For many across the U.S., hour-long transit rides and traffic jams to work have been replaced by roll-out-of-bed commutes and stand-up desks at home, leaving vacant offices behind.
Long story short, more and more offices in major U.S. cities are empty. At the end of March 2023, the national average vacancy rate of U.S. offices had climbed as high as 18.6%.
So how have different cities in the U.S. been impacted? This ranking uses data out of fDi Intelligence to rank the top 10 cities that have seen the biggest increases in office vacancy rates from Q4’2019 to Q1’2023.
It is anticipated that by 2030, over 300 million square feet of U.S. office spaces will be obsolete.
According to Pew Research Center, around 35% of U.S. workers who can work from home in 2023 are already doing so all the time. In short, unless trends begin to reverse, offices in many cities will stay empty or continue getting emptier.
Here’s a closer look at the cities with the fastest growing vacancy rates in percentage points (p.p.) terms since just before the COVID-19 pandemic:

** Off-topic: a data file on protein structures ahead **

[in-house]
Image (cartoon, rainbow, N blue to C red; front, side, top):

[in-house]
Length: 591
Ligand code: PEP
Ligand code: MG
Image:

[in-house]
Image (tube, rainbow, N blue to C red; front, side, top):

|Rank||City||State||Change in Vacancy Rates
Q4'2019 vs. Q1'2023
|#1||San Francisco||California||+19.8 p.p.|
|#2||New York City (Midtown South)||New York||+14.2 p.p.|
|#5||Salt Lake City||Utah||+13.1 p.p.|
|#6||New York City (Downtown)||New York||+10.7 p.p.|
|#9||Raleigh-Durham||North Carolina||+10.4 p.p.|
|#10||New York City (Midtown)||New York||+10.4 p.p.|
San Francisco has been hardest hit, with vacancy rates climbing by 19.8 p.p. in just over three years. Meanwhile, New York City has added over 16.8 million square feet, equivalent to 293 football fields, of new office space since Q4’2019 between its three most vacant neighborhoods.
However, not all of the cities with the most vacant offices are huge metropolises. Urban areas like Austin, Columbus, and Raleigh-Durham have also seen massive increases in their office vacancies, but their increasing rates may be blamed more on new construction and oversupply than to falling demand.
The Office Real Estate Market
At the national level, the supply of new office real estate has been dropping steadily since Q1’2022, down by a whopping 67% year-over-year.
Overall, it looks like U.S. office buildings are not as bustling as they once were, but there still may be opportunities for the office real estate market in growing cities.